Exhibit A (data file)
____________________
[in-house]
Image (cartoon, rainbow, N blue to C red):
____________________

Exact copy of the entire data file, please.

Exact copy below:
[in-house]
Image (cartoon, rainbow, N blue to C red):